I'm not a scientist. But I've been studying many areas of it for the better part of 30 years now. Neal has spent a decade more on it. What I understand about science is that we have a tendency to lock ourselves into working models in order to be able to work. But historically, science (like every other aspect of our civilization) needs major shake-ups because as we discover new phenomenon and advance our knowledge, then the working models we locked ourselves into start to become obsolete.

Many scientists believe we're on the cusp of such a shake-up today. Which means that our existing theoretical models may not be able to advance our knowledge base much further, and might even be hindering it. As an example, here's a Cosmology Statement, signed by hundreds of scientists, that puts into better light some of the socio-cultural pitfalls that science theory contends with today.

Growing Earth may well be heralding a much wider socio-evolutionary leap that also touches on aspects of our education infrastructures. In this vibrant communications era, the knowledge that was once accessible to only a few, is coming into the hands of the people and shaking the foundations of our social fabric. Growing Earth has strong roots in particle physics that also touch on the newest findings from the LHC super collider. To me, the mechanism for Earth growth emerging from these findings is one of the more fascinating scientific practicalities we have to look forward to on the horizon.

I've been away from the debate for a while and appreciate Benevolent Tyrant's heads up on this thread. Time is short these days but I'll try to come back over the weekend and expand on things a little more for anyone interested. What I'd hope for is that mainstream science supporters tone down the sometimes arrogant approach in which they deliver their opinions. But if things get nasty... well, let's just say that I've been known to bite back. There's too much at stake here to approach such a discussion with a "more knowledgeable than thou" attitude. We all have something to learn here, myself included. Many thanks. -M.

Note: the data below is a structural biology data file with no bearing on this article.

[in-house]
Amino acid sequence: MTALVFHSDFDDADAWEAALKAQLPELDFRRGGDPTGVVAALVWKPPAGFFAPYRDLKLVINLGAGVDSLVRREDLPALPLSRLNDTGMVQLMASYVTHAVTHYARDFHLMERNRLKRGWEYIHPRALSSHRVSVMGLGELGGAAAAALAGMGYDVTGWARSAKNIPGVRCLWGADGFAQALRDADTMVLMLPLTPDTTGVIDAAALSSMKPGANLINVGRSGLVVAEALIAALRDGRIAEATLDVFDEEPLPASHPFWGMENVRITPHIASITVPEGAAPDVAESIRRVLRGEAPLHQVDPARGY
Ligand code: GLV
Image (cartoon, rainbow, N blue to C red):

posted on Jul, 8 2011 @ 04:58 AM
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reply to post by SG-17
 


I suppose you haven't heard of manners. I suppose you haven't learned how to talk to people with respect. I suppose no ever told you comming over as such a smark arse makes you look like a complete dick?

Have some manners, learn to repesct people.

This is a good theroy.

As an addition to the theory: I have always specuated about the over all mass of the earth. If it is growing in any way due to volcanic action or whatever, then that would not affect it's mass. However, I have read that anything up to 78,000 tones of dust and debris falls to earth each year. Source Now, Multiply that by 70 million years to when the dinosaurs were about and you have a sum I can't do! lol But that is a duck of a lot of additional mass on the earth.

I also like your crystal ideas. Do you know about piezo crystals, which produce electricity when under pressure? Other types change in resistance as the presure on them changes (Like the ones in the pickup under the bridge on my guitar!) I wonder how changing presures in the earth change it's magnetic field? This would tie in with some earthquake research which measures electrical activity, and also reported auras above earthqueakes.

I like this topic. S&F OP.



posted on Jul, 8 2011 @ 05:22 AM
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I like those people who call other people ignorant, those are the types who are far more ignorant.


Neal Adams has an interesting growing earth theory which deals with pangea and rodinia.
If you have the time and are interested in this topic I would suggest you look into it.

Here
edit on 8-7-2011 by Shura because: (no reason given)